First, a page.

PS: "Bubba Nosferatu - Curse Of The She-Vampires" is due in 2011 - can't wait!
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9 of 9 people found the following review helpful
4.0 out of 5 stars All is well..., 10 Nov. 2005
Trevor Willsmer (London, England) - See all my reviews
This review is from: Bubba Ho-Tep [DVD] [2002] (DVD)
Many of the great films deal with old age and the ending of an era: The Wild Bunch, Citizen Kane, The Leopard, Once Upon a Time in America, The Lion in Winter, Touchez Pas au Grisbi, Unforgiven, Ride the High Country… and Bubba Ho-Tep comes surprisingly close at times to making the cut alongside them. On the surface an outrageous schlock movie with a premise that even Troma might find dodgy – an elderly Elvis and a black President Kennedy team up to destroy the soul-sucking Mummy in cowboy duds killing residents in their old folks home and defacating the remains in the visitors toilets – the reality is a surprisingly moving reflection on old age, unfulfilled expectations, loss of dignity, loss of self and the emptiness of celebrity in a culture that doesn’t want its heroes to ever age. Bruce Campbell’s Elvis-in-a-Zimmer-frame is a truly remarkable performance, never mocking, never going for cheap laughs, capturing the public face of the legend and the private disappointments of the man as he slowly realises he’s treated his life a lot worse than life has treated him and finally gets the chance to really be the hero he always wanted to be. There’s an epic dimension to the character that never spills over into grandiose mythmaking, firmly grounded in the horrible everyday reality of living in a place where friends regularly die or can’t remember you, where family ignore you and other residents will steal from the more vulnerable. It genuinely is one of the great performances in independent movies.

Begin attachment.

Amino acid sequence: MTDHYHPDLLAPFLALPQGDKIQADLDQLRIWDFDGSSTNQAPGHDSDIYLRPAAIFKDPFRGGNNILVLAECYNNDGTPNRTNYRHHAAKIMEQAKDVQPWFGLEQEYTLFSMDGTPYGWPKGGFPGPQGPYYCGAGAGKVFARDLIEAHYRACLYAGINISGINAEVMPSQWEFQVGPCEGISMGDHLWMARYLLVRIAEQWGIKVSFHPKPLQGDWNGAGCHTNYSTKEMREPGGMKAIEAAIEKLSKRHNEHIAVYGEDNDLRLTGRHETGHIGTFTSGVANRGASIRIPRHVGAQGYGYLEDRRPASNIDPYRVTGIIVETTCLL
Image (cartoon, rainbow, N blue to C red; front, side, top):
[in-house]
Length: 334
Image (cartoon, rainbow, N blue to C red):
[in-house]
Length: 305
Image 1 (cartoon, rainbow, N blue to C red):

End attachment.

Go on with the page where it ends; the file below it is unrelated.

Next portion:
Kudos too to Ossie Davis’ President Kennedy, similarly playing it straight despite the lion’s share of absurd dialog and character quirks: when, in the film’s most iconic moment, the King in his Rhinestone suit, cape and Zimmer frame and President Kennedy in his best suit and wheelchair make their way down the corridor for their final confrontation, they really are genuinely heroic figures that you’re rooting for even if they do have mobility problems. The downside is that the horror side of the movie is less considerably effective, the jokes never as funny as you’d like them to be, the fun never frantic and one scene too many with the would-be comic hearse drivers. But the compensations more than outweigh the cons (not least of them a versatile electric guitar theme from composer Brian Tyler that has the flexibility to be both tender or stirring depending on the orchestration). This is a film with real emotional weight – indeed, the ending is genuinely touching in a lump-in-the-throat, I’ve-just-got-something-in-my-eye kind of way.